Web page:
In a major victory for the ride-sharing company Uber, the High Court has handed down a long-awaited ruling that Uber's smartphone app does not function as a taximeter, contrary to the position of Transport for London (TfL) who brought the case on behalf of the City's highly regulated taxi operators.
In this CBR podcast Simon Deakin, Professor of Law at the University of Cambridge, and the Director of the Centre for Business Research, looks back at what legal history and Luddism can teach us about how technology and the law interact when society is going through periods of intense technological change.
While Christopher Markou, a PhD student at the Faculty of Law University of Cambridge, discusses the implications of this ruling for others globally and a possible appeal by the TfL.
Deakin says: "We can't foresee all the consequences of a radical new technology but there is power to control corporate activity, through the legal infrastructure that the state provides. Luddism may have failed to prevent the rise of the factory but Luddism did help to bring about the response to industrial capitalism which was the Welfare State, so we shouldn't simply accept the social effects of technological change where they are negative. The lesson of the Luddities is that we need to have an open debate about this and that protest has its place."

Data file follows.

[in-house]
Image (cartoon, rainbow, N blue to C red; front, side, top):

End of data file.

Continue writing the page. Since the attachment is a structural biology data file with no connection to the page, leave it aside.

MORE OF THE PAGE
Markou says: "It you look at where Uber has grown out of, it has grown out of Google Ventures. I think Uber has a lot of money invested in its business model, and it has also invested in driverless cars. We might eventually see that growing out of the Uber ruling, is a more general permission to operate other devices out of smartphones and apps, so we might see driverless vehicles that we summon in this way too. This might bypass a lot of the problems we see on checks on drivers. That is where Google see their business model heading."
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